The Australian Federal Police has been refused access to thousands of documents it seized from former senator Stephen Conroy last year, after the politician's claim of parliamentary privilege was upheld.
The senate privileges committee has ruled that the AFP's seizure of the documents amounted to "improper interference" in the duties of a senator.
It said the documents were "sufficiently closely connected to [Conroy's] parliamentary business to warrant protection".
The committee also criticised NBN Co's actions during the raids; one of its staff members took photos of the seized documents and sent them to a colleague offsite to help the AFP identify those that were relevant.
It said these actions may have helped NBN Co identify the leaker. Two NBN Co staff were stood down over the affair.
"Information gleaned during this filtering process is problematic. The transmission of such information to a third party increases the risk that it may be used for purposes beyond those authorised by the warrant," the committee wrote.
"The committee remains concerned at the potential that unauthorised use of this information may have adversely affected an NBN Co employee."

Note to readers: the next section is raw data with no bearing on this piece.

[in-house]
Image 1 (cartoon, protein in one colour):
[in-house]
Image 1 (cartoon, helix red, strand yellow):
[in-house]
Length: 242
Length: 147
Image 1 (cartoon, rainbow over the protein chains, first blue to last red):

NBN Co has denied it relied on any of the documents identified in the raids to hunt down the leaker.
However it admitted to the committee that it commenced an active investigation of one of the two employees that were later stood down after sighting emails between the two and the Labor staffer during one of the raids.
Conroy had also asked the committee to investigate whether the AFP's actions were in contempt of parliament.
It said while it was clear "improper interference" had occurred, the threshold for contempt "is a high one" that requires "cogent evidence of an improper act or motive".
"The committee is always reluctant ... to recommend that a contempt be found in the absence of the requisite intent, and does not do so here."
A lower house privileges had previously found the documents were subject to parliamentary privilege.
The AFP took the documents as part of an investigation into the leaking of sensitive internal NBN Co documents late last year.
Two raids were conducted: one in May on the office of former Labor senator Conroy and the house of a staffer employed by Labor's Jason Clare, and a second in August when it raided the Department of Parliamentary Services.
The AFP has been unable to access the documents since Conroy made the claim of parliamentary privilege.
The first leaks arose in November and December 2015, with separate files revealing NBN Co was considering overbuilding the degraded Optus HFC network - a move it later confirmed - and that it was facing a remediation bill for Telstra's copper of ten times more than expected.
A February leak of an internal progress report revealed the NBN was running behind on its fibre-to-the-node rollout, and a March leak indicated NBN Co's plans for fibre-to-the-distribution point, also later confirmed.